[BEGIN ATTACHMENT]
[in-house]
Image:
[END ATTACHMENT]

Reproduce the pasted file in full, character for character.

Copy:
[in-house]
Image: